Deep Album Cuts Vol. 151: Eddie Money

I actually wasn't going to do an Eddie Money playlist. His status as a guy with a handful of singles everybody knows but no album regarded as an essential masterpiece makes him ideal for my original purpose of the 'deep album cuts' series, and I often use this space to memorialize the recently deceased, but I initially didn't think I'd go deep on Sir Edward Money's catalog after the news of his passing on Friday. But then I had my Amazon Echo play some Money jams over dinner that night, and it kept playing songs I didn't know, some of which sounded really good, especially "Trinidad," so I kind of went fine, okay, maybe this would be fun to explore (and of course we lost another AOR staple, Ric Ocasek, over the weekend, but I've already done a Cars playlist).

Eddie Money deep album cuts (Spotify playlist):

1. Gimme Some Water
2. No Control
3. Trinidad
4. Wanna Be A Rock 'n' Roll Star
5. Stranger In A Strange Land
6. Life For The Taking
7. Passing By The Graveyard
8. Jealousys
9. Nobody Knows
10. Where's The Party?
11. Boardwalk Baby
12. Gamblin Man
13. I Can't Hold Back
14. Million Dollar Girl
15. Rock And Roll The Place
16. Maybe Tomorrow
17. Satin Angel
18. Got To Get Another Girl
19. Prove It Every Night
20. My Friends, My Friends

Tracks 4, 8, 12 and 18 from Eddie Money (1977)
Tracks 1, 6 and 15 from Life For The Taking (1979)
Tracks 3, 9, 14 and 17 from Playing For Keeps (1980)
Tracks 2, 7 and 20 from No Control (1982)
Tracks 10 and 16 from the Where's The Party? (1983)
Tracks 5 and 13 from Can't Hold Back (1986)
Track 11 from Nothing To Lose (1988)
Track 19 from Right Here (1991)

I've always been vaguely pro-Eddie Money. His major label run included two dozen charting singles from the late '70s to the early '90s, and four platinum albums, but by the time I started paying attention to music, his output had been boiled down to 4 or 5 songs in permanent classic rock rotation and nothing else -- no songs on movie soundtracks, no famous covers of his songs, no rehabilitated cult classic (although the title track of Life For The Taking was sampled for an excellent Freeway and Beanie Sigel song). Even at his peak I get the sense he was kind of a perennial underdog -- he never charter higher than #17 on the Billboard 200, and it's crazy to think that someone who sold millions over the space of a decade never had a top 10 album.

Once I started looking, though, a canon of Eddie Money deep cuts emerged. "Gimme Some Water" and "Passing By The Graveyard (Song For John B.)" are in Money's top 10 most played songs on Spotify, and it surprised me to see any album tracks there considering he had over 20 charting singles. "Water" and "Trinidad" and "Wanna Be A Rock 'n' Roll Star" and "No Control" were among his most frequently played live songs, and many of his 'greatest hits' compilations include songs that were never hits like "Trinidad," "Where's The Party?" and "Got To Get Another Girl." I'm really not sure why "Passing By The Graveyard" has almost 2 millions plays on Spotify, though, it's a good song, apparently Eddie Money became friends with John Belushi when he performed on "Saturday Night Live."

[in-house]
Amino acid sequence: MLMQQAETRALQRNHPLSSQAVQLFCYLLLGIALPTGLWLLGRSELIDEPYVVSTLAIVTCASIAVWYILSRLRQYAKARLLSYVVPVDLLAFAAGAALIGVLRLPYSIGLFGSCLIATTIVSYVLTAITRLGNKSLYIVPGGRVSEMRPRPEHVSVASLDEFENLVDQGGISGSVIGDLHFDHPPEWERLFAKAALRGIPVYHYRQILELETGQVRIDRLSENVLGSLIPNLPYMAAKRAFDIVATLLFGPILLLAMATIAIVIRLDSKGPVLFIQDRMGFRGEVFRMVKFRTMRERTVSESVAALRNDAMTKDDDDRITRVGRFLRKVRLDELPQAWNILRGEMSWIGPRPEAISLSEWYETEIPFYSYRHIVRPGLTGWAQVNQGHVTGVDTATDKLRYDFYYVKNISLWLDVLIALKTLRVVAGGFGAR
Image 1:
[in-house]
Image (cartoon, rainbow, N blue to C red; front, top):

Eddie Money was kind of a unique rock star, he was almost 30 when he started making records, a shaggy-haired guy in a necktie who looked like he just got tired of his day job and walked out one day and became a rock star. It was widely reported after his death that he was an NYPD officer for a couple years, but he was actually a police academy dropout (which seems fitting since it's so easy to picture him as a character in the Police Academy movies).

Eddie Money's career peaked in that '80s moment when there were a lot of the guys who celebrated rock'n'roll most proudly were suddenly solo acts instead of bands -- Bruce Springsteen, Bob Seger, Tom Petty, John Mellencamp, and Huey Lewis on the more bubblegum crossover side along with Eddie Money. He was also part of that post-Springsteen wave of pop/rock where he didn't have a whole horn section but often a lone saxophone playing lead lines and solos, except Money was the rare rock singer who himself played sax (his best performance is probably "Maybe Tomorrow").

Our modern conception of a rock star is more of someone tortured or moody, with an artistic temperament and/or a more emotional or intellectual bent to what drives them to make loud music. In that sense, Eddie Money is kind of an anomaly, a happy-go-lucky adult in the mold of rock's earliest stars (Bill Haley and Chuck Berry both became rock stars at around 30, although of course rock didn't exist when they were 20). His persona was more unassumingly goofy than a clown prince like Steven Tyler and David Lee Roth and the hair metal frontmen who followed them. A few of his songs have the solemn air of a brooding rock anthem, but "Rock And Roll The Place" more accurately lays out his philosophy. Looking at his catalog, most of his records have the most generic rock album titles you can imagine like Playing For Keeps and Can't Hold Back, with the exception of Where's The Party? being the kind of title that only Eddie Money could pull off.